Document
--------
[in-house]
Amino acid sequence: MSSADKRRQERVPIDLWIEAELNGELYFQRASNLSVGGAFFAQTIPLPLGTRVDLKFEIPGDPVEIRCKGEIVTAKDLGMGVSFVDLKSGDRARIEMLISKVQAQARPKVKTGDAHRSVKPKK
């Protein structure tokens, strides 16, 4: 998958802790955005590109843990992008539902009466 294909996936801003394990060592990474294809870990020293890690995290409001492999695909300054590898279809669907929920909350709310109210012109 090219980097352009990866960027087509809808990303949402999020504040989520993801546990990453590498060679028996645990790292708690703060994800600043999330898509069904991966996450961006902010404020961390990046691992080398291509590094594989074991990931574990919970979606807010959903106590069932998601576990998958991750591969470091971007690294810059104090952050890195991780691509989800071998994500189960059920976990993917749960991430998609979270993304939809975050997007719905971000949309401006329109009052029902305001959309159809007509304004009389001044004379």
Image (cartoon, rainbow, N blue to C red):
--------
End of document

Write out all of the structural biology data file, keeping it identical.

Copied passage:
[in-house]
Amino acid sequence: MSSADKRRQERVPIDLWIEAELNGELYFQRASNLSVGGAFFAQTIPLPLGTRVDLKFEIPGDPVEIRCKGEIVTAKDLGMGVSFVDLKSGDRARIEMLISKVQAQARPKVKTGDAHRSVKPKK
């Protein structure tokens, strides 16, 4: 998958802790955005590109843990992008539902009466 294909996936801003394990060592990474294809870990020293890690995290409001492999695909300054590898279809669907929920909350709310109210012109 090219980097352009990866960027087509809808990303949402999020504040989520993801546990990453590498060679028996645990790292708690703060994800600043999330898509069904991966996450961006902010404020961390990046691992080398291509590094594989074991990931574990919970979606807010959903106590069932998601576990998958991750591969470091971007690294810059104090952050890195991780691509989800071998994500189960059920976990993917749960991430998609979270993304939809975050997007719905971000949309401006329109009052029902305001959309159809007509304004009389001044004379």
Image (cartoon, rainbow, N blue to C red):